Fungal Biodiversity of Hawaii with Nicole Hynson

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Fungal Biodiversity of Hawaii with Nicole Hynson

 Today we get an auditory transport to Hawaii to sit down with Nicole Hynson to chat about the fungal biodiversity of Hawaii. We focus on the importance of mycorrhizal fungi on the island and the relationship between these rare tropical plants and their fungal allies. We end the episode talking about how to inspire young kids to get excited about mushrooms and how to best teach kids in our school systems.

 Dr. Nicole Hynson is a Professor in the Pacific Biosciences Research Center at the University of Hawaiʻi at Mānoa. There, she teaches mycology and ecology as well as runs a research lab. The focus of her group's research is the ecology and evolution of symbiotic fungi. They are particularly interested in defining "rules of life" for microbial communities. Another focus of their work is endangered plant species conservation through a better understanding of plant-microbe interactions, including the mycorrhizal symbiosis between plants and root-inhabiting fungi. Nicole has been classically trained as a mycologist since her time as an undergraduate at the Evergreen State College under the tutelage of Dr. Michael Beug, she received her PhD from University of California Berkeley where she studied mycoheterotrophy in the lab of Dr. Tom Bruns, after which she worked in the lab of Dr. Kathleen Treseder at UC Irvine on fungal ecosystem ecology before starting her lab at the University of Hawaiʻi in 2012. Her favorite part of her job is getting students excited about fungi in the hopes of training the next generation of mycologists.


You can learn more about theirr work here: https://hynsonlab.com/ and here: https://www.c-maiki.org/



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TRANSCRIPT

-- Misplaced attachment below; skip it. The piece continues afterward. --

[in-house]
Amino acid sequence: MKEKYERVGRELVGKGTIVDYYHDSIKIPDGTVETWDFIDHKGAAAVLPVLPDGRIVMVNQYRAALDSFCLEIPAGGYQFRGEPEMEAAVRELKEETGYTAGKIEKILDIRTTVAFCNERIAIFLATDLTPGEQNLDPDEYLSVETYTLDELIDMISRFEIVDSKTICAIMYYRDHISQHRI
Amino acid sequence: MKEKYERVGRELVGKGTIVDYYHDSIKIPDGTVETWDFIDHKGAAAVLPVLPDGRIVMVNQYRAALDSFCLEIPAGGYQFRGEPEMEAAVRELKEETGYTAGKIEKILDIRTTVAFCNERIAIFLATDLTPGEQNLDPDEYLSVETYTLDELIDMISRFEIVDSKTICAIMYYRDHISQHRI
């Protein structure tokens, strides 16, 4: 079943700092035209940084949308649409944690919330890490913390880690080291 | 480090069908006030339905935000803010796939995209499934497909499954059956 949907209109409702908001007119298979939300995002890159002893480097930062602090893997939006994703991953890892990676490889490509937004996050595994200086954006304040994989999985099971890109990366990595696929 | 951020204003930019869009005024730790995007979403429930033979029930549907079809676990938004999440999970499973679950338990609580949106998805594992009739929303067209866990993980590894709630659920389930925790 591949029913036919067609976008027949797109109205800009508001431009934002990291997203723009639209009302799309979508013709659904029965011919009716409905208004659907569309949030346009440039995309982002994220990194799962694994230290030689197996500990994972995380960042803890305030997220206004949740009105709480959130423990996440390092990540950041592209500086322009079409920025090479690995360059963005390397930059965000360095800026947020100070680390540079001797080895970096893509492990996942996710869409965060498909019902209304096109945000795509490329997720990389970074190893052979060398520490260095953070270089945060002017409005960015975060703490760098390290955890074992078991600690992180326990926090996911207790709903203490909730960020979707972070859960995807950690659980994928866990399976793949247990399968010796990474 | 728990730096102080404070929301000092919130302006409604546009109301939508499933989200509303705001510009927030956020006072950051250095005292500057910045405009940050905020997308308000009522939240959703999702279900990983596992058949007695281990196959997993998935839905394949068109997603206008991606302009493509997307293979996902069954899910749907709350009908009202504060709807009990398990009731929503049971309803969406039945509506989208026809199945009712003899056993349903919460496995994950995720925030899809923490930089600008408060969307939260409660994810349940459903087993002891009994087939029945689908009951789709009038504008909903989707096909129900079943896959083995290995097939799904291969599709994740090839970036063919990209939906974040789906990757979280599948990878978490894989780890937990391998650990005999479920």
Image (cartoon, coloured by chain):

Alex 0:11 Welcome, welcome. You are listening to the mushroom revival podcast. This is your host, Alex Dora. And we are obsessed with the wild, wacky world of mushrooms and fungi. We bring on guests and experts from all around the globe to geek out with us and go down this mysterious rabbit hole to figure out what is going on with these mysterious organisms. And today we have a special guests Nicole joining us from Oahu, Hawaii. And we're going to be geeking out about mycorrhizal fungi. So, Nicole, how you doing? Speaker 1 0:43 I'm doing great. Thanks so much for having me today. Alex 0:46 So for people who don't know who you are and what you're up to, what who are you? What are you up to? Speaker 1 0:55 Yeah, so I'm Nicola Hinson. I'm a professor here at the University of Hawaii at Manoa, which, as you mentioned, is based on the lovely island of Oahu, and we are the flagship university for the University of Hawaii system. So my job day to day is really a mixed bag of teaching, research, mentoring graduate students, and just everything, fungi. Alex 1:23 And how did you originally get into mushrooms and? And fungi? Yeah, Speaker 1 1:26 so that's a good question. And I think my path to becoming a professional mycologist is probably similar to many folks out there that are intrigued by the world of fungi where I had friends when I was in high school in the Pacific Northwest whose family would go out and collect wild edible mushrooms. And so we would go hiking together with grandma, and mom and aunt and friends looking for edible mushrooms. And I had always liked hiking and just being outdoors, but realizing that I could combine those two things with also finding something delicious to eat was like a really big turn on for me to the world of fungi. And I never really thought about it as a career until I started my undergraduate studies at the Evergreen State College in Olympia, Washington. And there I was just really fortunate to have an amazing group of mentors from the psychological world like specifically Dr. Michael vieweg. And Dr. Paul purrs Beloved's who just did an amazing job of introducing young scientists or burgeoning scientists, such as myself into the world of fungi, because I thought at that time that I was going to go into studying plants. And I think what turned things around for me to focus more on fungi was just that, from taking botany classes, I kind of got the sense that like, we know so much about plants. And then when I took my first mycology course, I was just shocked by how little we knew about fungi. And when I learned specifically about the mycorrhizal symbiosis between plants and fungi, I was just like, okay, like, Mike drop, this is perfect for me because I can marry my love of plants with my newfound interest in fungi. And from there, you know, I just went forward in various different positions as with the Forest Service as a research technician, I ran an environmental education program for at risk youth through the YMCA. I did a year with AmeriCorps, doing conservation work in the Pacific Northwest, followed by your as a research technician in the lab that would become my PhD lab at UC Berkeley, where I was again, under an amazing mentor, Dr. Tom Bruns. So I just have had like a series of fortunate events of exposure to just really great people that have been amazing influences on my career. And yeah, I guess now, myself being a professor for over a decade, my hope is that, you know, maybe I can have a little bit of an impact on those that I get the opportunity to train and interact with. Alex 4:22 That's awesome. I was just super close to going into Evergreen. And I think within a couple of weeks before I was supposed to go I switched it last minute. And I always wondered what my path would be like if I if I went and studied under Michael vieweg. We luckily had the honor to bring him on to the podcast and was a great episode. So for people who want to listen to him, he's he's an amazing mycologist and, and now you're here so. So what, what is the fungal diversity like on the Hawaiian Islands, on Big Island, Oahu. Uh, wherever you've, you've studied and are knowledgeable, knowledgeable about? Speaker 1 5:06 Yeah, I mean that that's a great question. And what's kind of interesting that you know, some of your listeners may already be aware of is that there's this enormous diversity of fungi that goes completely unnoticed by just our naked eye or, you know, observations that we might make when we're out and about in nature, or even in our backyards. And that's just because of the ephemeral and microscopic nature of many of these fungi. So there's a lot that if they do form fleshy fruit bodies that you might notice, they only do so for a very short period of time. And then there's others that, you know, they're, they're never going to be producing showy mushrooms and their reproductive structures are just things that exist inside a leaf or in the soil or inside the gut of a bug even. So, a tool that we use regularly in our research to understand the diversity of fungi in Hawaii, is DNA sequencing. And this is just because we can get a fingerprint of the community of these fungi using molecular tools like DNA sequencing, that goes beyond what you can just see through observations, either under a microscope or with the naked eye of this fungal diversity. So through DNA sequencing, DNA sequencing, we've learned that the diversity of fungi in Hawaii is actually far above many other places in the world. And that was a bit of a surprise, right? Because the Hawaiian Islands are the most remote island archipelago in the world. So you know, we're basically on these defunct or active volcanoes, they're middle of the Pacific. So for things to get here, you know, they get here basically, by improbable means. So to find through these, you know, advances in molecular techniques using DNA fingerprinting, that we have this enormous diversity of unseen diversity, fungi was a bit of a surprise. Alex 7:12 Yeah, I was on Big Island earlier this year. And I wasn't expecting the, the, the low amount of like Basidiomycota diversity. And what I heard from a lot of foragers is there's tons of plants. But if you're going for if you're trying to fill your basket up, right, for the culinary mushrooms, it's a bit harder than a lot of places like on the mainland that probably like Pacific Northwest is probably a little different. However, just looking at your research, one of the papers that you you wrote a couple of years ago was that showed that native Hawaiian plants had more mycorrhizal connections than mainland plants, which I thought was crazy. So why why do you think that is? Why do you why do you think there's less kind of flesh, fleshy body mushrooms and more of this microscopic world beneath the soil? And, and why in the middle of the ocean, these this group of islands are just have this immense biodiversity of mycorrhizal fungi. Speaker 1 8:31 Wow, that's a lot of questions. But, you know, all very good ones, and ones that we spent a fair amount of time thinking about here. Yeah. So why don't we have more fleshy fungi show a fleshy fungi. I mean, you can go to other islands even and find quite a bit of fleshy fungal diversity. So I'm thinking about time that I've spent in New Zealand, for example. And I think probably the most straightforward answer for that, especially around the realm of like fleshy edible fungi is that we don't have the hosts trees that support many of our favorite edibles. So things like shad, trails and porcinis. These are involved with obligate symbiosis with host trees through the mycorrhizal symbiosis. And we don't have those hosts here in Hawaii. So we only have one native ectomycorrhizal host tree. So Ecto mycorrhizal fungi are those that when they're interacting with the host plant, they form a sheath on the outside of the route. And this is the site of exchange for carbon and nutrients. So the fungus is providing increased access to important soil nutrients for the host plant and this is the next Change for carbon that feeds the growing fungus. So these Ecto mycorrhizal fungi, they tend to partner with things like pine hoes, oh, COEs. In New Zealand, we see them with north of faggus. But here we don't have native conifers. And we also don't have native oaks. So we're missing this whole group of plants. And then in turn, we're missing these fungi too. We do have a lot of separate trophic fungi, as you might imagine, in the tropics, right? It's wet, it's warm, things are rotting. Things are rotting, left and right, whether you want them to or not. And sometimes these separate troves can produce, you know, big showy fruit bodies, but oftentimes, you know, they're actually producing very small, little LBM. So things that you might, you know, rather kick than picked as Deva or used to say. So, yeah, I think that that's part of why we're missing a lot of these big showing mushrooms as we just don't have their obligate hosts. And then why to get to the kind of second part of your questions, then why is it that we find that more plants in Hawaii tend to form mycorrhizal associations then, on average on a continent? Yeah, that's a great question and one that we're still kind of scratching our heads on, because the kind of fundamental theory about how organisms in general colonize really remote islands is that they shouldn't require obligate synbiotic, especially those that are not vertically transmitted. And by vertical transmission, I mean, some Beyonc that you inherit from parent. So in the case of something like the mycorrhizal symbiosis, a plant is producing seeds, and those seeds are dispersing independent of the dispersal propagules of the fungus, right, so the fungus is producing spores and they're dispersing. So in order for the mycorrhizal symbiosis to even form in the first place, you have to have a compatible host and a compatible fungus interacting in nature. So you have to have two independent dispersal events and then have these organisms actually find each other. So the prospect of something like that happening in such a remote area, or a remote set of islands, like Hawaii seems relatively low compared to somewhere like a continent. So why is it that that we find that the prevalence of the mycorrhizal symbiosis among our native flora is higher than on continents? Well, my best guess is that it has something to do with the fact that we have many rapid radiations of single plant colonies. So we have a single plant that has gotten here and then rapidly evolved into numerous new species of plants. And it may be that the ancestral state of that original colonists required a mycorrhizal symbiotic that happened to already exist here. And they came into contact. And then as these plant species evolved and evolved into new species, they just retained that mycorrhizal status. Alex 13:38 So talking about native and non native plants, and I know, it's a bit of a controversial topic, especially around time of when when does something become native or non native, when you're zooming out on the big timescale of things. But in in terms of Hawaii, there's a more recent colonization by humans, which have brought a lot of non native plants recently. And I don't know, do we have enough research before and after to show the effects of the fungal diversity? I'm sure there's research now, testing zones that haven't been affected as much and more you know, zones that the plants have been replaced with non native species, but I'm just curious the differences between those two? Speaker 1 14:33 Yeah, yeah. So that's a good question. And, you know, just to back out a little bit before we get too into the weeds on that one. What constitutes a native fungus is something that we still don't have a great sense of. And that's primarily because fungal biogeography Coffee or understanding the distributions of fungus globally is a hot area of research and one that we're working really hard to, you know, get better distribution maps for fungi. But we're just not there yet. You know. So you can look at distribution maps for plants for birds for insects, and those are pretty well populated. Distribution maps for fungi, on the other hand, really are not. So it's still very much a mystery for many of our fungal friends of you know how far afield they can live. So here in Hawaii, we have a field guide called mushrooms of Hawaii, done by Dennis stager, Dan and Don homies. And they have a section in that book that's dedicated to what they consider Hawaii's native mushrooms. The way that they determined for the purposes of this field guide, whether a mushroom was native to Hawaii or not, was whether it had only been in counted and what are encountered and what they considered intact native habitat. So these are places like, you know, higher elevation forests that have been primarily protected from pests, or they just are too remote to have been invaded by pests. And if mushrooms were found in these types of habitats, and then not detected anywhere else, whether that be through DNA sequencing and comparing those sequences to global databases, or just through observational approaches of you know, going out and looking for them across Hawaii and other places in the world. If there was no records of these, then they would get called a native mushroom. There's stories, though, that even since the book was published, that some of these things that are considered native to Hawaii have since been detected elsewhere. So part of it is we just need more people out there looking for mushrooms into some of these distribution maps, right. And that's where things like aI naturalist, you know, can really come in handy. So, please, if you're out there listening and you see a mushroom, take a picture with a naturalist and give us the geolocation it's going to help us build these distribution maps. Alex 17:32 And when they go ahead, yeah, go on. Speaker 1 17:36 So when we're thinking about, you know, here and a place like Hawaii that yeah, has been so heavily impacted by invasive species. How can we determine when we're looking at our fungal communities, you know, are these primarily native or not? Or are they a mix? It's hard to say with certainty. But from our research, what we have found is kind of a mixed bag. So, you know, specifically when looking at mycorrhizal fungi and in this case, looking at our buzzkill mycorrhizal fungi, which is the most common form of the mycorrhizal symbiosis. We've compared native forests to non native forests, as well as native forests to pastures that have been reforested. And in some instances, like here on a wahoo, we find that these non native forests actually have a greater diversity of our best girl mycorrhizal fungi than our native ones. In places where restoration has happened, where they're trying to take back, abandoned pastures and recreate a forest, a native forest, we've found that the diversity of mycorrhizal fungi seems to be about on par with that, that you find in our native forest, but the composition of these communities of fungi differ significantly. And that's probably in part owed to this kind of legacy effect, if you want to call it a the site's historically being occupied by non native pasture grasses. Alex 19:22 Has there been any research about the growth effects of inoculating an invasive invasive plant with say, native local species of mycorrhizal fungi? Would it? Would the plant act any more or less invasive, with more local fungi in in symbiosis with it? Does that make you question makes sense? Speaker 1 19:50 Yeah, it makes sense. And that's a great question. And that's actually like in the there's a subfield that just focuses on CO invasions. Oh, are invasive mycorrhizal fungi and invasive host plants relative to native host plants. And you know, right now that field is a little bit split in terms of the evidence of how invasive plant species behave in the presence of novel mycorrhizal fungal communities. So, there's some studies that show when you introduce a new host plant to a novel mycorrhizal fungal community that they actually outperform the native host plants, while others show that the benefit is more towards the native hosts and less towards those invasive or new introduced host plants. And then there's some studies where it's just kind of a wash, where both invasive species and native species benefit from these local like arisal fungal communities. Alex 20:59 You know, I, I just interviewed someone from Tokyo. And he was doing some research on basically manipulating pathogen, plant pathogen, fungi into acting mutualistic. And just just either activating or deactivating this gene cluster. And, you know, whether it's, it switches from a pathogen to Simba, which is crazy, and it's like us, you know, if our, if our gut biome is out of whack them, our whole character and personality changes, right. And it's just the way it shifts my view of biology, that it's, it's, it's a lot more what's the word like mechanistic? Or it is kind of like an algorithm in a sense, where, you know, it kind of questions like freewill. And in a sense, where it that organisms are really just at the whim of microbiology, in a sense of, of their makeup, and microbiology really has an impact on whether the organism grows or is happy, or is is acting in a certain way. We really have Yeah, it's, it's it's kind of a crazy world that we live in that these things that a lot of times we can't even see has this big of an impact on the world around us. So I'm Speaker 1 22:48 curious, I think what you're talking about is basically a renaissance that we're experiencing in the field of biology right now, with a recognition that, you know, we are inhabitants in a microbial world. You know, the, the theme that I like to remind students and folks interested in symbiosis is that, you know, the term symbiosis simply just means living together. So there's no inherent good or bad and that concept of symbiosis. And in fact, the closer you look at many of these symbiotic interactions, the more we'll find that they exist across the spectrum. And well, in situations like the mycorrhizal symbiosis, it may, more often than not fall along the beneficial range of this spectrum where both the host plant and the fungus are benefiting from the interaction more than if they were living independent of one another. There's certainly plenty of examples within what we think of as a mutualism of cheaters or more weedy species on both the host plant and the fungal side of it. Alex 24:14 It's not talked about as much, maybe maybe it is in your world, but I just don't hear as many people talking about endophytic fungi. There's many more people researching mycorrhizal fungi. Do we know if there is much of a relationship between mycorrhizal fungi and endophytic fungi? I assume. So, obviously, everything is connected, but I'm not sure how much research is in that area. Or if you know of it, Speaker 1 24:45 yeah, I mean, so we we, in my lab, part of our research interest is endangered plant species conservation, and how we can use local fungal inocula Both above and below ground to support endangered plant species propagation exit to and then their health when they're put back into the wild for restoration purposes. So, you know, we like to think of ourselves as maybe producing something equivalent to like myco vaccines for some of our plants, where if they're being grown in a, in a greenhouse under very sanitary conditions, you know, they're not inheriting their wild microbes like they would out in nature. And these are the microbes that could potentially provide really important services like protections from disease or, you know, increase access to nutrients for growth and reproduction. And these just are not generally found in these greenhouse situations for for rare plant propagation that's starting to change a little bit where there's some interest in bringing, or rewilding plants, when they're in these captive situations prior to putting them back out into the wild. And that's a big part of what our work has been is looking at if you do you know, rewild the microbiome of endangered plant species. What what does that do for the plant? Is it actually helpful and in one of our experiments, we looked at this, what you're kind of calling like crosstalk between endophytic fungi and mycorrhizal fungi, where we inoculated the leafs of an endangered meant with a local yeast that is the fullier yeast. And then we inoculated the roots of this meant with local mycorrhizal fungi from the historic range of this plant, which was completely extirpated from the wild. Part of the threats of this particular plant species has been facing is from powdery mildew. So from a pathogenic fungus. And so we thought, you know, if we could kind of build a super plant where the plant had this beneficial fully, or yeast that had some recognition as a potential myco parasite, so as long as it eats other fungi, if we could add that to the lease, and we knew that this was a yeast that existed with the relatives of this plant in the wild, and then if we could kind of bump up the overall health of the plant by using local mycorrhizal fungal inocula to help the plants just be more vigorous, that they might have a better fighting chance of surviving when put back into the wild. So we did this experiment in captivity, where we did these inoculation trials with either just this fully or yeast, just the mycorrhizal fungi or what we call like our super plant with the combination of both, and then expose these plants to the powdery mildew pathogen. And a bit to our surprise, we thought that for sure, in terms of staving off disease, that our super plant treatment would be the winner because it kind of had the best of everything. It had the beneficial roots and by ants through the mycorrhizal fungal connections and then these beneficial yeast on the leaves. In fact, we found that the treatment that was the most successful for staving off disease was just the fullier use treatment alone. Despite the fact that the mycorrhizal fungi did help the plant become more vigorous. So we found there was greater concentrations of things like leaf nitrogen and phosphorus in these mycorrhizal plants. But the incidence of disease was the lowest when just the full year yeast was present. So we kind of scratched our heads around that result of like, Why didn't our super plant perform the best? And, you know, we we don't we haven't done a follow up study to this. But what we think might be going on is that there could be demands for host resources from both these simple yawns that are kind of right, yes, colliding against Yeah, in competition with each other. So that's then leading to less defense on the plants part against this pathogen, so the fungi are more beneficial. At least the fullier ones are more beneficial when they're alone than when they have to compete with mycorrhizal fungi for Plant Resources. Alex 29:57 That makes sense. Yeah. And I love the phrase that you use rewilding plants. And it makes me think of, I can't remember when this study came out with this bacteria, mycobacterium Vaccae AE, I think is the name. That we found out that just digging your hands and soil, you get this bacterium, which increases serotonin levels. So, you know, as humans are going more and more into cubicles and doors and who are interacting through screens and things like that, and we're not going outside as much as you know, it's like rewilding humans as well. I think, you know, every everyone needs a good dose of, of beneficial microorganisms. So, but, but that's a really interesting discovery with the fullier. Yeast. I'd be interested to, to hearing more about, if you ended up doing a follow up study on what you find. What would you say? I mean, you're, you're researching so many things. I mean, you just published a paper about coral, the coral reefs. So I mean, you're up to a lot, I don't know if you can pin down what what the hardest part of, of your research is, on on fungi. And just in general, what, what keeps you up at night? Speaker 1 31:30 I mean, mostly what keeps me up at night as my seven year old. But beyond that, I think, you know, the most challenging part of my research is just that I wish I had more hours in the day to do it. You know, I feel like, we are just at the tip of the iceberg of understanding some of these things that we've been discussing earlier in this podcast today. And, you know, we're also very interested in things like microbial food webs and how interactions between macro organisms and micro organisms within food webs are affecting their functioning and their efficiency. And it's just so much exciting work is happening in general in the field of microbiome studies right now. And I honestly just feel like, you know, could spend many, many lifetimes doing this, and still not get near as close as I might like, for some of the the answers that I'm seeking. So Alex 32:41 if you had unlimited funds, you know, just to you could swipe your credit card forever. And team, you know, you could handpick the best team in the world, as many people that you could pick. And time as well, you know, you had a limitless pill that just you didn't have to sleep, you could just keep going same with all your team, you know, and unlimited equipment access to the best labs ever, you know, what, what would you what would be, you know, your your first thing that you would do? Speaker 1 33:16 Yeah, I mean, I would solve the extinction crisis. And so I think that microbes play a really important role in the solution to that global issue that we're facing right now. So that's what I would put my, my time, effort, money and personnel towards is just figuring out microbial solutions for some of these global challenges that we're all facing. Alex 33:54 And I'm just curious first for someone, I was going to ask this question before, but we got into talking about other things. But um, I am, I am curious about when you're doing DNA analysis, and you're in the field collecting? Do you go to a native plant or a tree and then you're like, Okay, let's go six feet out, let's take a soil sample, and then put it through a seed, and then somehow, I'm not I've never done DNA analysis. So I'm not sure how the process works. But in terms of doing it, I've only done it for a single species and never multi. So I don't know what the process of analyzing, you know, whole fungal or microbial communities looks like. So I don't know if you can walk through kind of what that looks like from the field to the lab. Speaker 1 34:48 Yeah, I mean, the fields the fun part. And then the, the lab part, you know, is also interesting just in terms of like, extracting DNA Going through that whole process of getting down to the molecules, but really like where the work comes in is the computational side of working with big data. So, you know, we know that the microbial world is vast and diverse, especially in habitats like soil. So with the advent of things like high throughput sequencing, which allow us to look at these really diverse communities, these aren't data that we can just keep on our laptops, and, you know, a Google sheet, we require heavy computational power, and some understanding of computer science and coding to really disentangle these datasets. So right now, you know, a huge focus of training for people that are interested in microbial ecology, or microbiome science, in general, is getting trainees up to snuff with understanding how to use some of the computational tools that have been developed for analyzing these very big datasets. And it can be a pretty steep slope for somebody that's just kind of coming into it. And that's the case for a lot of the graduate students in my lab. And they spend, you know, oftentimes, like upwards of, you know, a few months just getting comfortable working in programming languages in order to just get to the point where they can start analyzing these really big datasets. So one of the biggest changes since the advent of these high throughput sequencing technologies is that we now basically are required not just to be biologists or microbiologist, but we also have to be data scientists and computational biologists, at least enough to understand the basics of how some of these bioinformatics packages work. And be a, you know, basic users of them, if not much more in depth generators of you know, new software or new code to work with these big datasets. So that's a big change, just in my time in academia, of studying fungal communities, is that really you have to be to some degree, a bioinformatician, as well as a biologist and ecologist. Alex 37:45 How do you see AI and and rapid technology growth having an impact on on that? Speaker 1 37:54 Yeah, I mean, that's a good question, too. And one of our recent projects is in collaboration with someone from our information and commute computer science department here at the University of Hawaii, who specializes in machine learning. And his role in that project is basically to help us better predict how changes in these complex microbial communities could have downstream effects on things like ecosystem processes, like carbon storage, nutrient cycling, as well as things like the health of macro organisms. So using some of the machine learning tools that he's you know, very fluent in our hopes is that we can kind of partner with these big data sets generated through high throughput sequencing, to then start making predictions about how changes in community membership might affect really important processes and ecosystem health and host health. Alex 39:07 This is a big question. But if you could talk to fungi and ask them anything, what, what would it be? Speaker 1 39:17 Yeah, that's, that's a fun one. I saw this question in our notes prior to our chat today. And so I was kind of thinking about it a little bit. On my way to work this morning, and I even asked my husband who's also mycologist. You know, what would you say if you could talk to them? And he said, Well, I'd ask him, is it fungi, or fungi? I love it. That's great. And I thought that was pretty appropriate. But you know, I think like in the broader sense, how I might interpret that question is like What is it that I want to know that I don't feel like we know enough about the fungal world? And you know, my answer to that is that I think, with the advent of some of these techniques that we've been discussing, like bioinformatics and high throughput sequencing, we've started to do a pretty good job of describing who's there just in terms of, you know, the diversity and the differences in the community composition of these complex microbial communities and all sorts of different habitats and hosts around the globe. But what we really need to start getting at is, why does it matter? You know, does greater diversity or does a different community mean a different function? And what are these functions that different members of these communities are capable of How flexible are these functions? And that's where, you know, I, I'm really excited to see the field moving into over the next 510 15 years. Alex 41:08 Is your seven year old mycologist as well? Well, Speaker 1 41:12 so in my office, I have a picture hanging up of a bunch of little colorings done by her class when she was a kindergartener of mushrooms with the green Alex 41:26 background. So that's yeah, so that's, yeah. Oh, I love it. And Speaker 1 41:33 so that was from a visit that I did to her class, where we just wanted to learn about the different parts of a mushroom. So we talked about the cap and the Stipe and the gills, and handed out, you know, different species of mushroom that you can just buy in your grocery store and just had the kids with each with their own mushroom and find those different features. So you know, we're talking about five and six year olds, and the product was in the end, but they just produced this really cool poster where they drew their own mushrooms and then labeled all the parts that we had discussed. So you know, is she a burgeoning? mycologist? Maybe she's been forced into it. Both both of my kids do enjoy all things fungal for sure. Nice. Alex 42:31 How old your other kid? Oh, cool. And you wrote an article in 2009? About how to inspire the youth to get into mycology? How do we do that? Speaker 1 42:47 Yeah, I mean, I think it can be these kind of more formal interactions of going into the classroom and just getting kids over the kind of like, you factor of like, oh, mold or, like, gross. I don't like to eat mushrooms. Like I don't like sauce on my spaghetti or like whatever it is to just getting them more curious. But I think any way that we can help young people pursue curiosity, whether it's curiosity about the outdoors, or just curiosity about how life on this planet has come to be whatever it is, like, do it, you know, just get young people curious. Because not only do we need more mycologist we need more curious people, and we need more scientists. And that's really at the heart of any scientist is a sense of curiosity. Now, how do we get more folks into you know, our favorite field, which is the study of fungi, that that one has been a bit of an uphill battle. I do feel like fungi are having a moment right now, which has been great. I think that there's a lot more citizen science projects happening around things like mushroom surveys, I think today or yesterday was the national myco blitz day. So go out and, you know, survey your local park or even just your backyard for mushrooms and record those. So there's been some more organized efforts towards getting people engaged in the fungal world. And I think that those need to continue. I think part of the bottleneck that we're at right now is the number of experts that are familiar with identifying mushrooms and understanding the biology and ecology of fungi is either plateaued or may even be in a state of slight decline. And so it's just getting more people engaged in the field, and then providing opportunities for these expert trainings, whether they're through, you know, formal things like a graduate degree or informal things like going on a foray with, you know, expert identifiers. I think those are all great paths to increasing awareness of the importance of this, you know, huge kingdom of organisms that is still really under studied. Alex 45:31 And if, you know, we have listeners of all ages, all different various levels of expertise and mycology, from people who have their PhD and mycology to people who don't know anything, there's probably maybe first episode. So for the people listening, that are inspired by you and want to follow in your footsteps. And they're like, I want to be a professional mycology researcher full time, and this is what I want to do with my life. What advice would you have for them? Speaker 1 46:06 Yeah, I mean, that's a that's a great question. I think like, among my colleagues, like we've all had slightly different routes to ending up in the, you know, these positions as professional mycologist. But I think kind of harkening back just to the beginning of our conversation, one thing that we could all agree upon is just that we found at some stage in our academic development, amazing mentors. And so I would just encourage those folks that are interested in, you know, Mike illogical studies as a profession, to just do their homework and start looking at who else is out there, that has kind of paved that path before them that's either, you know, in their area, their to graphic area, or that they might even just be able to connect with through other types of workshops, or meetings, and, and just start trying to form those connections. And, you know, it might even be that there's a an amateur Mycological Society in your town that has a guest speaker, and that guest speaker is someone doing research in a local university, and there's opportunities to go into the field with that person, or there's opportunities to volunteer in their lab. So I would just encourage people to try and find those connections. Alex 47:36 Well, then, I've checked out your website, it's a great website, and I've scrolled through your massive ResearchGate. Where, what are other areas I don't know, if you're on Twitter AX, or if you just want to shout out any, any way that people can, can follow you and your work. Speaker 1 47:54 I think the best way to keep tabs on us is just through an sind lab.com. Alex 48:00 Great, awesome. Well, thank you for coming on. And this has been a an amazing conversation. And I'm sure people are gonna love it. So thank you for for coming on. And thank you everyone, for tuning in and tuning in to another episode of the mushroom revival podcast. We love you very much. And we're excited that you like mushrooms just as much as we do. And if you want to support the show, a really good way is just leaving a review and telling your friends family about the podcast and just, you know any fun facts that you've learned about mushrooms and fungi. It keeps the mycelial web growing and gets more people jazzed up about it. And more people out in the woods and rewilding ourselves in symbiosis with nature, and other ways that you can support we don't have like a patreon to directly support the show, but we have a website mushroom revival.com We have organic functional mushroom gummies and tinctures and capsules and powders that you can pick up to support your health. And for people listening, we have a VIP coupon code just for listeners. And that code is pod treat. So you can use that for a surprise discount. If you want to win some free goodies. We have a giveaway in the bio, and we pick a winner once a month that you can win some free goodies. We also have a bunch of blogs, all of our show notes and podcasts are on the website as well. We have free ebooks that you can download. We have you know recipes and awesome all great stuff on there. And then we have my newest book, The Little Book of mushrooms. Cute little table coffee, coffee table book on the website as well. So as always much love and may the spores be with you You Transcribed by https://otter.ai